Let’s be imperfectionists, opportunists that do our best regardless of the circumstances, doing what is needed to accomplish our goals regardless of how favorable the prevailing winds may be.

    • Imperfect Environments: Find the awkward and imperfect environments and see what can be created there.
    • Imperfect Timing: Waiting for situations to be perfect can help but don’t only use this tool. While you develop impeccable timing in your movements also develop the ability to complete your task/technique when situations aren’t perfect.
    • Imperfect Physical/Mental state: How can you SAFELY train or move while stressed, injured, restricting your movement, lacking sleep/food, etc. *It’s not efficient or safe to injure yourself so be sure to keep your awareness high and your ego in check whenever exploring these concepts so you can keep progressing. Understand you may not always be able to train safely depending on your physical and mental state. It cultivates strength and wisdom to know when to rest and not train as well, despite our urges to keep pushing.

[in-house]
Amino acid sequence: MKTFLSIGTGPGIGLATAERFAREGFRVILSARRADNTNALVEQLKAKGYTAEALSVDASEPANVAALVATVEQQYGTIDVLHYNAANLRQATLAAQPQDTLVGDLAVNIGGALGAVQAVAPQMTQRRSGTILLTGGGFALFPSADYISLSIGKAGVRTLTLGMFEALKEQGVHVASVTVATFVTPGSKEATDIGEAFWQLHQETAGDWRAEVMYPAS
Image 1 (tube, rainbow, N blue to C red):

Let’s be imperfectionists, opportunists that do our best regardless of the circumstances, doing what is needed to accomplish our goals regardless of how favorable the prevailing winds may be.

    This concludes Part 1 of Finding Flow. The techniques above are all focused on the macro-transitions idea of flow and how we can increase our energy efficiency in our movement by focusing more on what’s happening around our techniques, not just the movements themselves. Part 2 will be focused a bit more on micro-transitions and how we can better use and understand our momentum inside our techniques to aid our flow.


    Thanks for reading and don’t stop moving!